Piccadilly Circus at night.
An example of Piccadilly is the location of the famous Piccadilly Circus, with huge brightly-lit advertisements.
- (obsolete) piccadill
- Piccadilly, a street running from Hyde Park Corner to Piccadilly Circus
- the surrounding area
From Pickadilly Hall, a house belonging to tailor Robert Baker, from piccadilly (a product in which he specialized), a form of piccadill (“a type of lace collar"), possibly from conjectured Spanish *picadillo, from picado (“punctured, pierced"); compare 17th century Spanish picadura (“a similar lace collar").
attested from 1743; previously the area was called Portugal, and the street Portugal Street (1692), after Catherine of Braganza.
- John Aubrey, the antiquary, chronicles that the sisters of Sir John Suckling, the courtier-poet, once went to the bowling-green in Piccadilly, crying, "for fear he should lose all their portions."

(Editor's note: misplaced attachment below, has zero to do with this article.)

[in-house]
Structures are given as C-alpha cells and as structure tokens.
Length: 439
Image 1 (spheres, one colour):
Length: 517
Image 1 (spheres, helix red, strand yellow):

- Thus he was in some cases, as in that of St James's, Piccadilly, content to make the exterior of an almost barnlike plainness.
- The exhibition was held at the Egyptian Hall, Piccadilly, London.
- " Mayfair," north of Piccadilly, and " Belgravia," south of Knightsbridge, are common though unofficial names for the richest residential districts.
- The direct line of the thoroughfare is interrupted after Piccadilly Circus (the term " circus " is frequently applied to the open space - not necessarily round - at the junction of several roads), but is practically resumed in the Strand, with its hotels, shops and numerous theatres, and continued through the City in Fleet Street, the centre of the newspaper world, and Ludgate Hill, at the head of which is St Paul's Cathedral.